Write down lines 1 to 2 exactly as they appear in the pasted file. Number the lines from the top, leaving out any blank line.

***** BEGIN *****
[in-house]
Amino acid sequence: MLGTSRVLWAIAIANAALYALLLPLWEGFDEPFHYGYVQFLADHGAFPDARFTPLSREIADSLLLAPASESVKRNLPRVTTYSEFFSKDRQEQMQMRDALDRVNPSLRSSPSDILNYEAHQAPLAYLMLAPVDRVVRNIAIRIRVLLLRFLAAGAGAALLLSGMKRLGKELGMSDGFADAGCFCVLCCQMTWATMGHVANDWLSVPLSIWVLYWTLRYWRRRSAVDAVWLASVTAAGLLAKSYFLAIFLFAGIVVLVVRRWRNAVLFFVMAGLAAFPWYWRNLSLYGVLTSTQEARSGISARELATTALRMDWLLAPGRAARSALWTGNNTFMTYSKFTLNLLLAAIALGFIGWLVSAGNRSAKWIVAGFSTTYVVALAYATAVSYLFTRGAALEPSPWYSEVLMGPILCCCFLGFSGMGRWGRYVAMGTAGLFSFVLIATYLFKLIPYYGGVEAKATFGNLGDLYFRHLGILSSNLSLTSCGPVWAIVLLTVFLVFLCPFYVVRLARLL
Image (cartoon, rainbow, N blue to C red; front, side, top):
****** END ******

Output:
[in-house]
Amino acid sequence: MLGTSRVLWAIAIANAALYALLLPLWEGFDEPFHYGYVQFLADHGAFPDARFTPLSREIADSLLLAPASESVKRNLPRVTTYSEFFSKDRQEQMQMRDALDRVNPSLRSSPSDILNYEAHQAPLAYLMLAPVDRVVRNIAIRIRVLLLRFLAAGAGAALLLSGMKRLGKELGMSDGFADAGCFCVLCCQMTWATMGHVANDWLSVPLSIWVLYWTLRYWRRRSAVDAVWLASVTAAGLLAKSYFLAIFLFAGIVVLVVRRWRNAVLFFVMAGLAAFPWYWRNLSLYGVLTSTQEARSGISARELATTALRMDWLLAPGRAARSALWTGNNTFMTYSKFTLNLLLAAIALGFIGWLVSAGNRSAKWIVAGFSTTYVVALAYATAVSYLFTRGAALEPSPWYSEVLMGPILCCCFLGFSGMGRWGRYVAMGTAGLFSFVLIATYLFKLIPYYGGVEAKATFGNLGDLYFRHLGILSSNLSLTSCGPVWAIVLLTVFLVFLCPFYVVRLARLL